Pay Dirt is Slate’s money advice column. Have a question? Send it to Athena and Elizabeth here. (It’s anonymous!)
Dear Pay Dirt,
I (31M) work in a niche field that’s infamous for being difficult to break into: Tons of talented, hardworking, dedicated, well-connected people work for poverty wages to break in but never make it. Luck is a big part of it, and while I’ve worked hard, I’ve also been lucky. I’ll never be a millionaire but even in lean months, I out-earn my boyfriend, who works an office job.
Because so many people never make it, I’m used to a certain amount of eye-rolling assumptions when my job comes up with strangers, but I find myself very upset when it comes from people closer to me. For example, my boyfriend’s family assumes he supports me because everyone who works my job is struggling. Casual acquaintances often make condescending remarks about “showing support” for my projects, when the projects are already at capacity and making great money. My own parents are suspicious about how my boyfriend and I afford our rent.
How do I politely and firmly nip this in the bud while also not being insufferable about my success? The cultural narrative about failure in this work is so strong that it feels like outsiders won’t believe me unless I produce my bank balance.
Dear Fine, Thanks,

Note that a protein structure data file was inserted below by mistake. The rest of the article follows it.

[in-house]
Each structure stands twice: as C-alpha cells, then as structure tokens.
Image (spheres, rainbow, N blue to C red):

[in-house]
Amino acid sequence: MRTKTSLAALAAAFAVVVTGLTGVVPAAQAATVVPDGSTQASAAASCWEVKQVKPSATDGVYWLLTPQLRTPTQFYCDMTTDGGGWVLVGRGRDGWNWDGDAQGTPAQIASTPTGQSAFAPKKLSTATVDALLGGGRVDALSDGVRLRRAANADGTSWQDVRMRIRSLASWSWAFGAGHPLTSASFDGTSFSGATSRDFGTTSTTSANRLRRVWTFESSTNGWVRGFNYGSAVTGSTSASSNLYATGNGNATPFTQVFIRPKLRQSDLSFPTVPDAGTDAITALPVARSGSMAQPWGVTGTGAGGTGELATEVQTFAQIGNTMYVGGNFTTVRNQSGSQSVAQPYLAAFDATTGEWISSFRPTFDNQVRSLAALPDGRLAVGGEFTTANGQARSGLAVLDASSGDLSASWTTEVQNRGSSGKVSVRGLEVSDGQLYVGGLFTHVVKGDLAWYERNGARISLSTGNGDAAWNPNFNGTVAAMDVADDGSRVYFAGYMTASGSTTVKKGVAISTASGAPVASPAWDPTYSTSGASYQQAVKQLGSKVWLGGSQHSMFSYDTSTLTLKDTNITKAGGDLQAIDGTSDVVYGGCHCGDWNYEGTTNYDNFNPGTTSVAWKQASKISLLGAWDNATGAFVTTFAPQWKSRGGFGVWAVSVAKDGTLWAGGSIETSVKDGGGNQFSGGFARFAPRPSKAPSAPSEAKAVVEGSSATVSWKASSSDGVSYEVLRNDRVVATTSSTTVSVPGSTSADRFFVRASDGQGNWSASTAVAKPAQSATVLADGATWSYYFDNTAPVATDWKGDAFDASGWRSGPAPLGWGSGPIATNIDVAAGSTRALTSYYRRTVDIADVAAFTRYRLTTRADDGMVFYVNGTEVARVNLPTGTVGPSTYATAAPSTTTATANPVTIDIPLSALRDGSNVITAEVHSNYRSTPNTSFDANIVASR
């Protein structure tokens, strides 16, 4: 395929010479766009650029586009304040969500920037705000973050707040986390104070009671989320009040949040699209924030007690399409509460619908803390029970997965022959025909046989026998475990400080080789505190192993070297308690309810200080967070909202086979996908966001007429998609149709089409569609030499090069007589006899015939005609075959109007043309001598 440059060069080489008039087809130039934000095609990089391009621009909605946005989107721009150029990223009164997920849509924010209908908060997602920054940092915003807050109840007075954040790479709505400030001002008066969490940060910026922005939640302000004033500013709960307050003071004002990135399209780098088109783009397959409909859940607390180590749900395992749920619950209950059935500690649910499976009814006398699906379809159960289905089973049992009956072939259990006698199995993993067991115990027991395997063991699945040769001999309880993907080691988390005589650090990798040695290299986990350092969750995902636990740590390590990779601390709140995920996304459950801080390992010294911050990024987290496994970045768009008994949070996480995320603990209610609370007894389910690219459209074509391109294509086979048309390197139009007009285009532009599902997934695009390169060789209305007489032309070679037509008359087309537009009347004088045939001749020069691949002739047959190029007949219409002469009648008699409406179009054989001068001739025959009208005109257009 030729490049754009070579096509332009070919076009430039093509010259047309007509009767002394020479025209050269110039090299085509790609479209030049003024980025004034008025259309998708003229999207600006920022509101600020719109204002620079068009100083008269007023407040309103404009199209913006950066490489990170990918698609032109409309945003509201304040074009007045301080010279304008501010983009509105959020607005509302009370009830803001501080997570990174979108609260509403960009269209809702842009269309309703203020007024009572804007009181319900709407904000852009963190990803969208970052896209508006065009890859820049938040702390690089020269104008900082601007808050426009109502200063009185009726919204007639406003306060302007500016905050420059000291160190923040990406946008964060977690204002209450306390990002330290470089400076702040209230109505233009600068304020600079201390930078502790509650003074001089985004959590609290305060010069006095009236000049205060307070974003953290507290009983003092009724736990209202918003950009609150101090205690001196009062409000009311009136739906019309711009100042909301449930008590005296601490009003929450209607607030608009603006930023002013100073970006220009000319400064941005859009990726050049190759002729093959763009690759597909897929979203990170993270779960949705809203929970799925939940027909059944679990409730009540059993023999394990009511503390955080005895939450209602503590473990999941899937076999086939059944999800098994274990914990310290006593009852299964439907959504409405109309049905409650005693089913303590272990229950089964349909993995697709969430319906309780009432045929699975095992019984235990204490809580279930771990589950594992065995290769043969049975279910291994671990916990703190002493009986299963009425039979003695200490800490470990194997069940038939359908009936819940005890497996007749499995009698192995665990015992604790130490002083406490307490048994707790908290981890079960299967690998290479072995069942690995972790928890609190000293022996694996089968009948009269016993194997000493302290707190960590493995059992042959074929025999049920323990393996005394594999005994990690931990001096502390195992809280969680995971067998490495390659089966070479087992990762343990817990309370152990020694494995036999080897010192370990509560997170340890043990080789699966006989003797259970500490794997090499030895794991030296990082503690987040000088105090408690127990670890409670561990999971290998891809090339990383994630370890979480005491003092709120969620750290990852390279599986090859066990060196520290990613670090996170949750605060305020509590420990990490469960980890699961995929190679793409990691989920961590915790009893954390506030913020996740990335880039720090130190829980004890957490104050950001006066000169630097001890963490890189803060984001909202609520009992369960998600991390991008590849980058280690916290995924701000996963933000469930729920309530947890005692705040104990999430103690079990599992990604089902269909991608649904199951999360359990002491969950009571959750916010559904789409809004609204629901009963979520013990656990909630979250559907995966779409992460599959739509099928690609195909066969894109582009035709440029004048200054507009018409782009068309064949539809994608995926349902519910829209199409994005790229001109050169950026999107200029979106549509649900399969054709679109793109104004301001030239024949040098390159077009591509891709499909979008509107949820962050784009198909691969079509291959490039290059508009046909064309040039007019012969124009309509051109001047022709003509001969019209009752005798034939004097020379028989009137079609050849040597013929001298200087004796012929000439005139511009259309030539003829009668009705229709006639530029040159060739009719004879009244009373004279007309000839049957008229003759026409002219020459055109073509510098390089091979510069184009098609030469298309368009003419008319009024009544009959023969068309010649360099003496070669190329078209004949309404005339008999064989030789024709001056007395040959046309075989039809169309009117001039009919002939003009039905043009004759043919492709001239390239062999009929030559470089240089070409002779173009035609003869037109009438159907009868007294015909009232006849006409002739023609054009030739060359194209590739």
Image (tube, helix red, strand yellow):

I’ve been there. I’ve worked as an independent consultant to media companies and startups for years. In years when I solely did that, I’d tell people I was a consultant, and many people assumed that meant I was unemployed when I was in fact making far better money than I did working for other people. The reality is that you can’t change the fact that people have stereotypes about what you do. But I understand why it hurts that people close to you don’t understand that you’re not just good at what you do, you’re successful at it.
I think the remedy depends on who’s making the assumptions. If you’re very close to them (i.e. if we’re talking about your parents), casually dropping how much money you’re making will probably fix the problem. It’s none of their business of course, but it won’t come up again. And if you’re comfortable, have your boyfriend do the same with his parents. If he knows it bothers you, he shouldn’t have a problem correcting his parents’ mistaken assumptions.
That said, I wouldn’t read people saying they’re supporting your project as a de facto assumption of financial instability. I have friends who use the language of “support” to promote their wildly successful gallery shows, bestselling books, award-winning music and films, and so on. They don’t mean they need money. It can just mean showing up for your friend.